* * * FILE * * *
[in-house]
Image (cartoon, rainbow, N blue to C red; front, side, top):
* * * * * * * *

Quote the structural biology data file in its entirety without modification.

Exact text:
[in-house]
Image (cartoon, rainbow, N blue to C red; front, side, top):